Hist Paper 4 - In 17th and 18th century America, vastly...

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In 17 th and 18 th century America, vastly different ideas and opinions existed about the nature of God and man and the interactions between God and man. Many of these ideas or opinions differed greatly from those of both the Catholic and Anglican Church, which may have been the attraction for the religious tolerance of the early American colonies. Two prevailing points of view concerning these interactions between God and man can be analyzed by comparing the beliefs and practices of Puritans and Deists. The differences and similarities between Puritans and Deists can be seen by analyzing the works of authors with these very different religious beliefs. John Winthrop, Michael Wigglesworth, and Mary Rowlandson were Puritans whose religious beliefs concerning strict adherence to biblical principles permeated their writings. Benjamin Franklin, whose writings were widely distributed, expressed views that suggested an individual’s ability to chart his/her own destiny and multiple ways in which God and man could potentially interact. Franklin was considered “enlightened” and a Deist, and these beliefs can be seen in his many writing and publications. These authors, although different in their secular and religious backgrounds, passionately and freely expressed their belief about the impact of God and the relationship between God and man on personal and social life events, political struggles, and changes envisioned to make the world a better place. In John Winthrop’s speech to the Massachusetts legislature, his Puritan beliefs became apparent when he stressed the difference between natural and civil liberty. He stated that natural liberty “makes men grow more evil and in time to be worse than brute beasts . . .” (Winthrop, 1). Winthrop believed that civil and federal liberties were “moral.” He based his opinion on the fact that civil liberties involved the presence of authority, while natural liberties did not. The source of this “authority” Winthrop spoke of came from God. This constant mention of the “authority of God” illustrated his strong belief that the world should be centered around God, and that people should submit to the will of God, “. . .we shall govern and judge you by the rules of God’s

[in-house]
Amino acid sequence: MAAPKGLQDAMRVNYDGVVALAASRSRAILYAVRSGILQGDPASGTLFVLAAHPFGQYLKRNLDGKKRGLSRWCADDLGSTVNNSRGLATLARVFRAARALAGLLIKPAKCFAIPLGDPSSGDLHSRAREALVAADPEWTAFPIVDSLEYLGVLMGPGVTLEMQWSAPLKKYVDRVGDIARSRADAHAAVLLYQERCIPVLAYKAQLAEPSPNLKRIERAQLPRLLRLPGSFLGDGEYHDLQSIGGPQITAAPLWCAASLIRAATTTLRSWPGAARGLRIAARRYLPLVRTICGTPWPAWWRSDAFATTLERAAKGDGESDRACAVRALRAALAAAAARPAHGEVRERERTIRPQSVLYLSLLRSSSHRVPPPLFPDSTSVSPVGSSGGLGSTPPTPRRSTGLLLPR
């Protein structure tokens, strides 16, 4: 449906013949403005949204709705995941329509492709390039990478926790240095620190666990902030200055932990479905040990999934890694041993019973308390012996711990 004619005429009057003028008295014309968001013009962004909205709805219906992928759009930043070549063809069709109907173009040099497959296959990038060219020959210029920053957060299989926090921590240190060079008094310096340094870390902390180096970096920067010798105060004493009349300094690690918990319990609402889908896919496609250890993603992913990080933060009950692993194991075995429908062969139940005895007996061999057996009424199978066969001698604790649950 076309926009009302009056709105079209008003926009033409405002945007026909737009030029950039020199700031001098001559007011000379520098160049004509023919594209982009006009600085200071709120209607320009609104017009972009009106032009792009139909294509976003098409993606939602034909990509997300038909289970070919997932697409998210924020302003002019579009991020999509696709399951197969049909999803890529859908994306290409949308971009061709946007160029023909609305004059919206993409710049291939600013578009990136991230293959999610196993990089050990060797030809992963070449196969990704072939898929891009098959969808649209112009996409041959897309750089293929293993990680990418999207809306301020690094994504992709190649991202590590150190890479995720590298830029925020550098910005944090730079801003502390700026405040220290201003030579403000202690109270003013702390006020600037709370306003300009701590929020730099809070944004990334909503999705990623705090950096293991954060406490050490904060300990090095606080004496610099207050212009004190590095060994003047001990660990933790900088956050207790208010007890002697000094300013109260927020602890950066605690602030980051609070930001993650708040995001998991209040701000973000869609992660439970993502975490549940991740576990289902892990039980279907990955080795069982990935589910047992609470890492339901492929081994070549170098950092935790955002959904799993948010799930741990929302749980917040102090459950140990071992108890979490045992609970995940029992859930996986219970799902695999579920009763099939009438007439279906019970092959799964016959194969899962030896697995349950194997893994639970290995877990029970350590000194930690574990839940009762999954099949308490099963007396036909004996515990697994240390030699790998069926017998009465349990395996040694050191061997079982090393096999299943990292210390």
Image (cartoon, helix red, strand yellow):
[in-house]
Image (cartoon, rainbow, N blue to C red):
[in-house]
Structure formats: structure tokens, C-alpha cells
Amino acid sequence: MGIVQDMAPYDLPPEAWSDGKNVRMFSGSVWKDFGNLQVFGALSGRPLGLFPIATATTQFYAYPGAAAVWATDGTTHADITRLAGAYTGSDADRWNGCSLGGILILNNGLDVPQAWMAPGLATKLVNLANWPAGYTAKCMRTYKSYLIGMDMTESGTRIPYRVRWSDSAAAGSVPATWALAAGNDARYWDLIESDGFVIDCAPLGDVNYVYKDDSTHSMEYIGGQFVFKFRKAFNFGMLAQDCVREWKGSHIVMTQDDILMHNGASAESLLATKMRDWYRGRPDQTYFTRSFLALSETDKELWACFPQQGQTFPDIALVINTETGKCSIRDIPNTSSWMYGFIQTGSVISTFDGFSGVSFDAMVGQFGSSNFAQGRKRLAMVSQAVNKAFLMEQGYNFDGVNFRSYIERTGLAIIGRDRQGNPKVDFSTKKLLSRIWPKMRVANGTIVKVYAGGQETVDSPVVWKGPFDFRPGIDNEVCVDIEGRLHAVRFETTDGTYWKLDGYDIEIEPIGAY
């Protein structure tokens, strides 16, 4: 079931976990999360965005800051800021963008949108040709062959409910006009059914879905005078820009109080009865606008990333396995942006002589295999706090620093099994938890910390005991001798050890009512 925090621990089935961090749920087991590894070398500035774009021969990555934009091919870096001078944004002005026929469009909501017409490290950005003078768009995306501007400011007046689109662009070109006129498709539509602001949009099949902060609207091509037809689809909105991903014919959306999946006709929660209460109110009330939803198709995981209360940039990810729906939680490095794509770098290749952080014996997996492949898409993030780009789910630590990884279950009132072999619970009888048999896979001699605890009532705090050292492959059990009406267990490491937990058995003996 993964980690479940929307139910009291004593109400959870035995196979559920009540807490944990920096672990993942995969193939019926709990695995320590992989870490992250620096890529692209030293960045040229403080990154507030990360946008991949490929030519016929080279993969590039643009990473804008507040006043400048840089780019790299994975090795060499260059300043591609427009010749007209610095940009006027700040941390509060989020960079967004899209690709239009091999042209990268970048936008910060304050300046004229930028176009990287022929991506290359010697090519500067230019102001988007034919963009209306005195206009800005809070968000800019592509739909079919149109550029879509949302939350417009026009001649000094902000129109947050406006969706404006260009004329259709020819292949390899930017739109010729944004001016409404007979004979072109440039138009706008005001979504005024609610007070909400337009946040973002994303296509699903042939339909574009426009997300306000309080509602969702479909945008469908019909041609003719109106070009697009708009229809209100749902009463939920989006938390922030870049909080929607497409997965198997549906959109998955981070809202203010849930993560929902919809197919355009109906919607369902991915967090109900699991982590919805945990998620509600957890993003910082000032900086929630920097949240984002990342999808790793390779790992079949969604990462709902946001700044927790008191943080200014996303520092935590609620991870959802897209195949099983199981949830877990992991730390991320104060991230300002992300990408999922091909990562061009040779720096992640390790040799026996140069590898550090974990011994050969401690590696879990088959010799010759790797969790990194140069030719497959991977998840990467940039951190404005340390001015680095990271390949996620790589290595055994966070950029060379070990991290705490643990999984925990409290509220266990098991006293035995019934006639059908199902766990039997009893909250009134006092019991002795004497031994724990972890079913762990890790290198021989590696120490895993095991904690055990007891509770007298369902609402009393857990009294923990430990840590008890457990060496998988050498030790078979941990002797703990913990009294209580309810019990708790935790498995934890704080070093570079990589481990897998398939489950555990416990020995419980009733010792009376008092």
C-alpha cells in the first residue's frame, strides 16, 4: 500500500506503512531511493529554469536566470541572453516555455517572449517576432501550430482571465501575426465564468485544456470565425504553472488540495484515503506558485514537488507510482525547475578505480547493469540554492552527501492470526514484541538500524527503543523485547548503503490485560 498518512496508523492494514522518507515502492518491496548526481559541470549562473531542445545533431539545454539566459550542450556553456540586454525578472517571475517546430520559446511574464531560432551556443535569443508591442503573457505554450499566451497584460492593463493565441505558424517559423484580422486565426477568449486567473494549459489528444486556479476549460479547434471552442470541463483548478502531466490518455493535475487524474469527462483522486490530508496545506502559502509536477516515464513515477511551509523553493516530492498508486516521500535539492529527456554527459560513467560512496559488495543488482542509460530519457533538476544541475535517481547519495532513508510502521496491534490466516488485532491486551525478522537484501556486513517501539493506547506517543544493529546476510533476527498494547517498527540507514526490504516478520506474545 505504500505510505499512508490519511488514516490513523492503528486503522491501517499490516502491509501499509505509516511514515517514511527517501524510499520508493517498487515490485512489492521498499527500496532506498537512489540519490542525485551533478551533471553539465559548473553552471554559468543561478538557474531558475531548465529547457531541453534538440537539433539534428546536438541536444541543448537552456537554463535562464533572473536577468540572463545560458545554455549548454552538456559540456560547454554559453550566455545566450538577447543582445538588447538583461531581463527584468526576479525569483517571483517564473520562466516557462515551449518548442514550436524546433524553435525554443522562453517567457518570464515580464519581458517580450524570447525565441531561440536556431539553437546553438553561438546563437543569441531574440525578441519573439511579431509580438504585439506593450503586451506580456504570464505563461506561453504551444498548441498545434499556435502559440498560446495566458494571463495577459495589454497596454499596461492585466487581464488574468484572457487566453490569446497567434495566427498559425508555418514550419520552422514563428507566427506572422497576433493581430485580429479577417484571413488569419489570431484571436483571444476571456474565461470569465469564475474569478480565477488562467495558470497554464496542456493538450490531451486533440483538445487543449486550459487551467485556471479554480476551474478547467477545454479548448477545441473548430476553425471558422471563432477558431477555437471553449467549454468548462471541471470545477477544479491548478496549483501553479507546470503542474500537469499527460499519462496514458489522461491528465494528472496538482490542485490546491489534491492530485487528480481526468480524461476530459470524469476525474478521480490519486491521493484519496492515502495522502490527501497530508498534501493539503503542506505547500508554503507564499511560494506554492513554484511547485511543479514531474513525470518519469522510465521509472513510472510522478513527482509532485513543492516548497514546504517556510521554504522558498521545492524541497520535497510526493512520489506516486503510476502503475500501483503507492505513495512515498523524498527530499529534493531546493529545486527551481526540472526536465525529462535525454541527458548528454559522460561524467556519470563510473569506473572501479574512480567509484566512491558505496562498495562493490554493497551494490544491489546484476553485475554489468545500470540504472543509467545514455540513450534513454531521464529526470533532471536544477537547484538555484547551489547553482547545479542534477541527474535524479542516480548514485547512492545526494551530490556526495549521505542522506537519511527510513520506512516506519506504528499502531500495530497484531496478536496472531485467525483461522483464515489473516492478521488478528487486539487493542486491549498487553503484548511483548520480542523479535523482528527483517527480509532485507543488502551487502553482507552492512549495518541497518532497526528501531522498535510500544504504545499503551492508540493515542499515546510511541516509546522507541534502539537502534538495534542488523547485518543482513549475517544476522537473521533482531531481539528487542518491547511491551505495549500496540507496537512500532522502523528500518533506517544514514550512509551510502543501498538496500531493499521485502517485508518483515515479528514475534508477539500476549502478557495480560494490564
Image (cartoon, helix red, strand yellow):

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laws . . .” (Winthrop, 1). In natural liberty, the actions of the individual occurred without regard to the beliefs of others or the rule of law, whether civil or religious. Adherence to civil law would not ensure that natural liberties would confer behavior consistent with the religious beliefs of the communities. Winthrop wanted to maintain a level of authority in society that was “just”, while at the same time, being a part of a religious community escaping the authority of the Church of
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This note was uploaded on 07/19/2010 for the course HIST NOT SURE taught by Professor Drberry during the Spring '09 term at University of Georgia Athens.

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Hist Paper 4 - In 17th and 18th century America, vastly...

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